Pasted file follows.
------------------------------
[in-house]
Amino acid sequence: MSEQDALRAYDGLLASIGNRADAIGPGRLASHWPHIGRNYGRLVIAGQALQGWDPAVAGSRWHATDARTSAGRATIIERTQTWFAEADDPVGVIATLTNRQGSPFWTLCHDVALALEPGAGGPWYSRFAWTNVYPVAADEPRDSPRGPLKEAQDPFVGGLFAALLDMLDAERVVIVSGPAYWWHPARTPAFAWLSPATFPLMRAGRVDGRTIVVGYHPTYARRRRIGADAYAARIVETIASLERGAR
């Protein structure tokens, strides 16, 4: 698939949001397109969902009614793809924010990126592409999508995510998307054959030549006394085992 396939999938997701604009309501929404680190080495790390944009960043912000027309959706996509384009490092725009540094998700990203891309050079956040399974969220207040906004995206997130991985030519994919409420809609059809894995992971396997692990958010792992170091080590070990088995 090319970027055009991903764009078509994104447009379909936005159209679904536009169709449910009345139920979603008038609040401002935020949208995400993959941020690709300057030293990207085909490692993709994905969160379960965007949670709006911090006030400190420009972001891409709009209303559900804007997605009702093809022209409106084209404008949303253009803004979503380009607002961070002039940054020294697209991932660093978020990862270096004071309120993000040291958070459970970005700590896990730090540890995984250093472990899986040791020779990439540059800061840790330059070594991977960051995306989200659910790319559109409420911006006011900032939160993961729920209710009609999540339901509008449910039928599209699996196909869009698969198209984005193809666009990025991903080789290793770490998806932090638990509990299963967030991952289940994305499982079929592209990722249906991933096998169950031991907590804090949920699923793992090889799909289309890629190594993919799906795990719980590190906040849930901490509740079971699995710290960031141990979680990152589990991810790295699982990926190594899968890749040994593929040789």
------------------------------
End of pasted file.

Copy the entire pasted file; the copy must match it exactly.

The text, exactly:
[in-house]
Amino acid sequence: MSEQDALRAYDGLLASIGNRADAIGPGRLASHWPHIGRNYGRLVIAGQALQGWDPAVAGSRWHATDARTSAGRATIIERTQTWFAEADDPVGVIATLTNRQGSPFWTLCHDVALALEPGAGGPWYSRFAWTNVYPVAADEPRDSPRGPLKEAQDPFVGGLFAALLDMLDAERVVIVSGPAYWWHPARTPAFAWLSPATFPLMRAGRVDGRTIVVGYHPTYARRRRIGADAYAARIVETIASLERGAR
């Protein structure tokens, strides 16, 4: 698939949001397109969902009614793809924010990126592409999508995510998307054959030549006394085992 396939999938997701604009309501929404680190080495790390944009960043912000027309959706996509384009490092725009540094998700990203891309050079956040399974969220207040906004995206997130991985030519994919409420809609059809894995992971396997692990958010792992170091080590070990088995 090319970027055009991903764009078509994104447009379909936005159209679904536009169709449910009345139920979603008038609040401002935020949208995400993959941020690709300057030293990207085909490692993709994905969160379960965007949670709006911090006030400190420009972001891409709009209303559900804007997605009702093809022209409106084209404008949303253009803004979503380009607002961070002039940054020294697209991932660093978020990862270096004071309120993000040291958070459970970005700590896990730090540890995984250093472990899986040791020779990439540059800061840790330059070594991977960051995306989200659910790319559109409420911006006011900032939160993961729920209710009609999540339901509008449910039928599209699996196909869009698969198209984005193809666009990025991903080789290793770490998806932090638990509990299963967030991952289940994305499982079929592209990722249906991933096998169950031991907590804090949920699923793992090889799909289309890629190594993919799906795990719980590190906040849930901490509740079971699995710290960031141990979680990152589990991810790295699982990926190594899968890749040994593929040789």